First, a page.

The other external lighting illuminated the Beyond Thinking artwork by Cathy de Monchaux, which stretches the full height of the building to the side of the entrance.The challenge here was to illuminate the highly textured artwork while avoiding any lighting spilling into the adjacent upper bedrooms. Nulty visited the artist’s studio and tested different colour temperatures and approaches before specifying a powerful narrow uplight. This is embedded in the paving at a 6˚ angle to give more illumination at the bottom of the artwork that gently fades towards the top, while avoiding any sideways spill.

Once inside the porter’s lodge, Nulty created welcoming lighting to provide 200 lux for general circulation with further areas of accent. For this, the lighting designer aimed to complement the architecture by using a warm white light to celebrate the coffered design and brass detailing while also integrating spotlights for the artwork on the walls. The solution for these multiple functions was a bespoke, surface-mounted pendant fitting made from two brass disks. This both casts halo light onto the upper disk to highlight the coffers and incorporates a retractable mini-spot in the lower disk to provide either accent or general light. This can be pulled down and angled to the walls as required. LED strips provide further lighting within the display cases.

The 36 custom fittings, created by Nulty’s sister company Nulty Bespoke, incorporate repackaged Flos downlighter components and concealed emergency battery and drivers.

The result, says Walters, is ‘really uplifting’ when entering the building.

In the central café, Nulty similarly wanted to ensure that the lighting made the most of the double-height space, which is overlooked at upper level by residential corridors. The company came up with an idea for a bespoke chandelier installation sweeping across the space and brought in lighting design studio Haberdashery to help realise this vision. The idea evolved into a sculpture formed by a decorative assemblage of 270 polished and white powder coated brass ‘pages’ etched with letters written by women associated with the college sourced from the college archives

  • The internalised space of the auditorium allows for a broad range of lighting effects as required.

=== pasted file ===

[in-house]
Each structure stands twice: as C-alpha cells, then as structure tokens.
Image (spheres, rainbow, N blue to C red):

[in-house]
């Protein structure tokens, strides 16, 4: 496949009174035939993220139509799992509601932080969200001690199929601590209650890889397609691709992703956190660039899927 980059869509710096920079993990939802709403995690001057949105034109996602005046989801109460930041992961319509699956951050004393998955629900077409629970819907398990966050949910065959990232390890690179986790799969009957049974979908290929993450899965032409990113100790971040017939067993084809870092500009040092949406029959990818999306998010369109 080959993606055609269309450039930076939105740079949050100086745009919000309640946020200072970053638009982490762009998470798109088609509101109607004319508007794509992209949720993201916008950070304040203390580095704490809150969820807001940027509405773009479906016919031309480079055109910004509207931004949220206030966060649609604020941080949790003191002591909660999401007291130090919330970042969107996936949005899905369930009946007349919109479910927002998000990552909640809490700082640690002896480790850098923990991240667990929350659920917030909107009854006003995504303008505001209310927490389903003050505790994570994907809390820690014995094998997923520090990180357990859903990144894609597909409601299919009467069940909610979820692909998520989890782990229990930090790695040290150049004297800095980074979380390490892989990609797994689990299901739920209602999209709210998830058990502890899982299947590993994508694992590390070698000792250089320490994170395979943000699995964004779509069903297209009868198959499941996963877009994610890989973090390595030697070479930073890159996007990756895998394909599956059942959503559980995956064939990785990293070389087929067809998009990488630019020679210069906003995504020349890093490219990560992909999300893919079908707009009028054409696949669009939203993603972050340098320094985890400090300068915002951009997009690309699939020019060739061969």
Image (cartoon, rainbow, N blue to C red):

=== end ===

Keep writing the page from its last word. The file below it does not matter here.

The internalised space of the auditorium allows for a broad range of lighting effects as required. Credit: James French
  • The double height central dining hall with its strange chandelier sculpture is looked down upon by the residential corridors above.
    The double height central dining hall with its strange chandelier sculpture is looked down upon by the residential corridors above. Credit: James French
12

The challenge was how to light this effectively and elegantly while still providing the required 300 lux levels of café lighting required for students wishing to work in the space. Electro-luminescents and OLEDs were swiftly ruled out because of short lifespan and cost respectively. Instead, the design subtly integrates warm lighting within the strings of letters through the use of 22 small adjustable spotlights installed into the ceiling roses (Evo 16 Shot Snoot by Precision Lighting). Playful shadows of the sculpture on the wall are created with eight spotlights (Prospot LED by Illuma) located at a lower level on the walls. The sculpture also included some LED sources sandwiched between the pages hanging from the same ceiling roses. 

Nulty is particularly pleased that any students looking down from the corridors above will be able to appreciate the artwork rather than having their view blocked by light fittings.

In the auditorium, the brief was to provide 300 lux levels. This was achieved using 10 surface-mounted, linear black lighting profiles (U060 Lightway from Vice Lighting), which contain low-glare LEDs to provide general lighting, and were also able to incorporate a late requirement for spotlights at each end to wash light on the side walls. These end fittings are Unico fittings by XAL, which use a shell-shaped reflector by Bartenbach. 

‘We tried to keep it very structured and clean,’ says Blaker.

Walters & Cohen’s Walters is delighted with what Nulty has achieved at the building.

‘The lighting is hugely important. Thank God for Nulty. If they hadn’t come along, it wouldn’t have been the building it is,’ she said.

Credits

Client Newnham College
Architect Walters and Cohen
Structural engineer AKT II
Building services Max Fordham LLP
Interior design Ab Rogers Design
Lighting designer Nulty
Contractor SDC